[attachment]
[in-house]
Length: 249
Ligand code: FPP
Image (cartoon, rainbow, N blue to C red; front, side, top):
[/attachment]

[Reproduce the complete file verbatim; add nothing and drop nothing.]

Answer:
[in-house]
Length: 249
Ligand code: FPP
Image (cartoon, rainbow, N blue to C red; front, side, top):